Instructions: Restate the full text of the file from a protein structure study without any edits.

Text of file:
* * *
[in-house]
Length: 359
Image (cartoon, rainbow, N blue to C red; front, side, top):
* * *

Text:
[in-house]
Length: 359
Image (cartoon, rainbow, N blue to C red; front, side, top):